However we find it hard to take Jim Motavalli's article in the New York Times "Fear, but Few Facts, on Hybrid Risk" seriously. He writes:
There is a legitimate scientific reason for raising the issue. The flow of electrical current to the motor that moves a hybrid vehicle at low speeds (and assists the gasoline engine on the highway) produces magnetic fields, which some studies have associated with serious health matters, including a possible risk of leukemia among children.
There are electric motors in gasoline powered cars too, and Toyota tested its Prius and found that the levels were no higher than regular cars, and that the levels were 1/300th of the European standards. As for the woman who kept falling asleep in her hybrid Honda, could it be that it is just a lot quieter than a normal car? Does she use a cell phone?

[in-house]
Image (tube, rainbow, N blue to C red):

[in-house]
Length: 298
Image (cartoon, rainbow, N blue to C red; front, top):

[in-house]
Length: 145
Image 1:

Honda spokesperson Chris Martin says "All our tests had results that were well below the commission's standard," Mr. Martin said, referring to the European guidelines. And he cautions about the use of hand-held test equipment. "People have a valid concern, but they're measuring radiation using the wrong devices," he said.
This is like mercury in a CFL- a concern, but not a deal-breaker, the benefits far outweigh the risk. Whose interest is served by scaring people about it? ::New York Times
and for fun,